By CUSHLA TRAVERS
You are so gay.
Not in the derogatory 15-year-old boy sense of the word – you literally are so gay. But I don’t need to tell you that, do I?
Obviously you’ve known for quite some time. You told me when I was nine and I’m sure it was something you’d known much longer. You don’t just wake up one morning and think, ‘well the gays seem to be having fun, maybe I’ll try that for a while.’
I have to apologise because when you first “came out” I told people you had a boyfriend called ‘Bob’. I’m sorry I was ashamed of your sexuality (and I’m even more ashamed of the name I gave your fictional love interest, I wish I’d chosen something more sophisticated, like Pierre.)
Some people have looked at me with pity when I’ve told them about your life choice, in the same way you may look at someone who has lost a parent to cancer. People often ask if it’s difficult having a lesbian mother. I’ve always had trouble answering this question and I think its because I don’t really understand it. Your sexuality hasn’t altered who you are. You are far too concerned with whether I’m looking after myself, and while your constant hinting at how you look forward to being a grandma can get a little annoying, I don’t think either of these things are a result of your sexuality. I think they are what all mothers do.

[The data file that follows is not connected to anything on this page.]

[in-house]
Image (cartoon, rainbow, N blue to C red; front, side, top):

Your sexuality choice has exposed me to many things that children born to straight parents will probably never experience. Most of the negativity associated with having a gay parent comes from the judgments made by straight people. You don’t know this, but when I was thirteen, some of my friends would awkwardly go and get changed in another room after phys-ed – I think they thought lesbianism was hereditary and that if I had inherited such a condition, I would automatically be attracted to all females.